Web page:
If one is at all observant when out in the field watchng birds, it soon becomes apparent that most birds will most often be found in their own preferred habitat. If one is trying to sculpt a given bird, it makes sense to try to include some representation of its habitat. For instance, if one were carving a Pacific Wren, it would be glaringly wrong to put it on a barrel cactus, no matter how well you can make a barrel cactus. By spending a fair amount of time observing the live bird, and with good reference photos of it, you can come up with ideas for presentation of your carving.
Techniques for the construction of habitat are sometimes difficult to come by. Magazines like Wildfowl Carving Magazine and Breakthrough Magazine quite often have articles on making habitat. If you are a subsciber, make note of these articles. Without doing an in-depth search of the table of contents or yearly indexes, I know, for example, that Wildfowl Carving Magazine has had articles on making such habitat features as White Pine Branches and needles, weathered posts, rocks with lichens, Weeping Willow branches and leaves, and Aspen Branches. Breakthrough Magazine publishes a manual for making habitat materials. Carving instructors often offer seminars on habitat construction. If all else fails, attend carving competitions and spend some time looking at the habitat presented with the carving. See if you can determine how it was made; if possible seek out the carver and ask how it was done; most carvers willingly share details and tips, but be respectful of his/her time.
I am currently working on a Bohemian Waxwing. While I have never seen one of these, I have spent a fair amount of time looking at reference photos from magazines and from several good web sites dealing with bird photos. In addition to details of the bird, I have been especially interested in the accompanying habitat shown in the photos. Almost all of the photos of Bohemian Waxwings show the bird on a branch with small crab apples or some other type of small fruit. There are very few leaves in most of the photos. I concluded that most of these photos show bird and branches in the early fall, although I did see several with frost or snow on the branches and fruit. I decided to put my bird on a similar bare branch with small fruit, and several stems which have had the fruit removed, and one fruit which had been partially eaten. Quite a few photos show waxwings with a small fruit in their beaks, but I thought I'd simplify my sculpture by having the beak closed.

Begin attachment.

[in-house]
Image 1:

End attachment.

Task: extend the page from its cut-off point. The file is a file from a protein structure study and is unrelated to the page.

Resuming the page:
The next task was to find or make a suitable branch. After several attempts to make the branch out of brass rod and tubes covered with Kulis Karvit (a two part epoxy) into which detail could be applied, I concluded that my soldering skills still leave much to be desired. I'll have to work on soldering because I can see how it can be used to great effect. I finally found a suitable Manzanita branch with some suitable side branches. By cutting some of the branches to shorten them and cutting others, drilling, pinning, and super gluing them together to rearrange them into a pleasing appearance, I had a branch whose form I was happy with. I drilled small holes in the end of several of the smaller branches into which to place the stems of the fruit, which I made with small diameter brass rod. The fruits were made with Kulis Karvit epoxy. The entire branch was then covered with the epoxy into which I placed detail to resemble an actual branch. Finally, the fruit on their stems were super glued into the predrilled holes. It was during the process of applying the Kulis Karvit to the branch that I thought of Joyce Kilmer's poem "Trees" from which this blog entree was named.
The photo at the top of this page shows the unpainted branch on a walnut pedestal base. I did not intend to make a branch from any particular crab apple cultivar, but I believe it is a fair representation of the type of habitat on which one may see a Bohemian Waxwing. While my branch is not perfect in every respect, I think if I could sculpt the "perfect" branch, it would probably detract from my attempt to do this bird carving. However, I believe my carving and presentation skills have improved from the experience. Time to get to the painting of branch, fruit, and bird. More pictures to follow.